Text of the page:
Leading Native American rights activist Suzan Harjo was at Mitchell Hamline Law School earlier this week to talk about the future of Indian Law under a Trump administration.
She spent most of her time talking about the Reagan and Bush years.Her message was, even thought those were difficult times, too, advocates were still able to get major legislative wins.
The Reagan years were particularly bad for Indian people, with Reagan trying to cut the federal Indian budget by a third, and privatize the Indian Trust money, she said. Regardless, advocates were able to get passage of the National Museum for the Native American Act (1989) and the Native American Graves Protection and Repatriation Act (1990) (both signed by President Bush.)
Connecting the dots to today’s situation and worries about the Trump administration, she offered the following advice: “In addition to a combative strategy, have some positive goals,” she said. “You never know how powerful you are until you exercise your power.”
Harjo was not being naive about the challenges ahead, and said “we will see the the depths of racism and sexism in America.” But she offered some history– both humerus and tragic — on how they got legislative wins in difficult times.
She recalled one strategy to try to get momentum for the National Museum of the American Indian. The idea wasn’t getting much traction. Then they got the idea to start a bidding war between New York and the Smithsonian in Washington D.C. to be the host city.
New York already had the Museum of the American Indian. Someone knew H. Ross Perot and knew that he wanted a world class museum in Dallas, Harjo said. The thought was if Perot would make a bid on the collection of the New York colection, he would get everyone’s attention.
Sure enough, Perot agreed to do it, even though he knew he would not get the collection. He offered $75 million. The New York Times was all over the story, Within a day, New York Mayor Ed Koch was on television saying: “This collection is a New York treasure. We can’t let it go to Dallas,” Harjo recalled.
“We had a bidding war,” she said. The museum eventually ended up in Washington D.C. as part of the Smithsonian.
Coincidentally, it was on this day in history, Nov. 16, 1990, that the Native American Graves Protection and Repatriation Act went into effect. According to the Wikipedia summary:
The Act requires federal agencies and institutions that receive federal funding to return Native American “cultural items” to lineal descendants and culturally affiliated Indian tribes and Native Hawaiian organizations. Cultural items include human remains, funerary objects, sacred objects, and objects of cultural patrimony. …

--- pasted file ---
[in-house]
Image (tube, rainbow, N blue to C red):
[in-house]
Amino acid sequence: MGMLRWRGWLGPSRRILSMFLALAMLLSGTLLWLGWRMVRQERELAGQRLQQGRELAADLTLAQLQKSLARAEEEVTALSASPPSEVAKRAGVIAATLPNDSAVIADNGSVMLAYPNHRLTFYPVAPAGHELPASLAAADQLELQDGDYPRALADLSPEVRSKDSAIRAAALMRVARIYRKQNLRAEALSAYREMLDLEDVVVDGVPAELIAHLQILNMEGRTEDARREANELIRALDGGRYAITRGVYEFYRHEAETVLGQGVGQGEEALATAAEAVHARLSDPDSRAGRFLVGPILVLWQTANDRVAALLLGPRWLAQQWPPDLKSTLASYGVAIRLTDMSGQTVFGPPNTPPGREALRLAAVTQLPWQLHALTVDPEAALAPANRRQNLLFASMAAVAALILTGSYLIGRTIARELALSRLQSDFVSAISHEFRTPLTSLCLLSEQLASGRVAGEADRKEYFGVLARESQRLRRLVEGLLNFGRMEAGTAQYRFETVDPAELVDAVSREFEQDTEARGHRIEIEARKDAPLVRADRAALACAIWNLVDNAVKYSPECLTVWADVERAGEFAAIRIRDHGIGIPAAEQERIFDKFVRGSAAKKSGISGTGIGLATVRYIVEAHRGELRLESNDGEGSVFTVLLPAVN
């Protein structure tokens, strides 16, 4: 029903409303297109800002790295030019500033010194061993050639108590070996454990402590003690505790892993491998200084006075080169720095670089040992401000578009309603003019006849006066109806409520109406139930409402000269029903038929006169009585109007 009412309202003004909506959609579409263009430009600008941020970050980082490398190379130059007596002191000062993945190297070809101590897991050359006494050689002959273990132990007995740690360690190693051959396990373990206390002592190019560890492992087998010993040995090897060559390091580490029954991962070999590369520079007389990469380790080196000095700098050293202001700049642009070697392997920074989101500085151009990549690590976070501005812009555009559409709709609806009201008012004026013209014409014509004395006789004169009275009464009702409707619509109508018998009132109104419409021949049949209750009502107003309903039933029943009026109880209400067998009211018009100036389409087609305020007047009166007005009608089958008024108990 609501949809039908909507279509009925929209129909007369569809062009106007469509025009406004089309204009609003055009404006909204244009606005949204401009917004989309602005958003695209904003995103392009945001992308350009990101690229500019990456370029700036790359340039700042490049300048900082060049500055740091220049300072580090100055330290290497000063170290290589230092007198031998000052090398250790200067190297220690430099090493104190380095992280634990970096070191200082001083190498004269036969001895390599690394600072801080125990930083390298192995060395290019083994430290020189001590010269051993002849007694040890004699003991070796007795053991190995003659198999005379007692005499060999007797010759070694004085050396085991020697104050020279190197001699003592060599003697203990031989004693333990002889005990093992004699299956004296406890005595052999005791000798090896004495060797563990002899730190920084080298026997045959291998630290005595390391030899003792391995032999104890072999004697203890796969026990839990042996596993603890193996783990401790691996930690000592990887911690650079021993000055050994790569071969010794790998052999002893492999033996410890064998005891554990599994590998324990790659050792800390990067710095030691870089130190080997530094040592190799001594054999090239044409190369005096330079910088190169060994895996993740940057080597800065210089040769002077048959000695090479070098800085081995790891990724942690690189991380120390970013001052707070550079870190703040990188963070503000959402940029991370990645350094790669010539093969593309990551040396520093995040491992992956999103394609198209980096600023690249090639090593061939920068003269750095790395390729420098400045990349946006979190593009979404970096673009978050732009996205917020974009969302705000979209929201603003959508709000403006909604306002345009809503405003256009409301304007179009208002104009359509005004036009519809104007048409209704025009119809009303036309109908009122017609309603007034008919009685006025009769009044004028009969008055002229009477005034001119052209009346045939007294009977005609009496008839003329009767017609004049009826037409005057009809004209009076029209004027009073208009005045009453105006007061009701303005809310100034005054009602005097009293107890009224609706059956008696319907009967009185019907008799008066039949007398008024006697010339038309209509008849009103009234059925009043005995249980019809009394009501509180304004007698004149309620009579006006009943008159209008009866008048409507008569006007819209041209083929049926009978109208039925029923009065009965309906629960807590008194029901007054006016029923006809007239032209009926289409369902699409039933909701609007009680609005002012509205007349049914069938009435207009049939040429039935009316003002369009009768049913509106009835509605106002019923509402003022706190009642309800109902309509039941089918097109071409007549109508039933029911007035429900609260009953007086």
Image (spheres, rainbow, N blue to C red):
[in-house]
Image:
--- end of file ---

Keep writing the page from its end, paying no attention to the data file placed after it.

This was an incredibly huge win. As Wikipedia continues:
Since the legislation passed, the human remains of approximately 32,000 individuals have been returned to their respective tribes. Nearly 670,000 funerary objects, 120,000 unassociated funerary objects, and 3,500 sacred objects have been returned.
Harjo had worked on repatriation when she worked in the Carter administration. They worked hard to push for the repatriation law after Carter lost, and eventually got a deal by threatening a lawsuit. The fact was that the Smithsonian had received Indian human remains through barbarous acts by soldiers.
This Sept. 13, 1989 New York Times article headlined: Smithsonian to Give Up Indian Remains quotes Harjo saying that 4,500 of the Smithsonians remains were from Indian people “whose heads were taken at the turn of the century for what they called the Indian Crania Study.”
Ms. Harjo said she had learned just this summer that the bones of some of her ancestors were in the Smithsonian. They were Cheyennes whom, Ms. Harjo said, American soldiers massacred in November 1864 at Sand Creek, Colorado. ”They lopped off some of their heads,” Ms. Harjo said, adding that the heads became part of the Smithsonian collection.
Looking forward, Harjo said there are “mighty things that we have not tried.” She suggested that tribes do a better job of meeting with judges on a regular basis and educating them about the importance of the Indian Child Welfare Act (ICWA) to keep the law from getting “blown up”. (ICWA came in response to the large number of Native children who were being adopted out of Native families and into white families and losing their culture and connection to community. ICWA puts a priority on keeping American Indian children with American Indian families.)
Harjo took questions after her talk. One audience member asked what advice she would give to her younger self, if she could. Harjo said she would have spent more time visiting with the people she was working with, and with mentors. “It takes more than a thank you note,” she said. “I regret not spending more time with [Sen.] Barry Goldwater, [Sen.] Daniel Inouye, and [Rep.] Mo Udall, people who dedicated their lives to our causes.”
She also would tell her younger self to spend more time educating “our side of the table.” When the repatriation law past, there weren’t one in 20 Native American who knew what it meant,” she said. At that point, they weren’t even calling it repatriation, instead, they were simply calling it: “Put it back.” “We hadn’t developed our lexicon,” she said.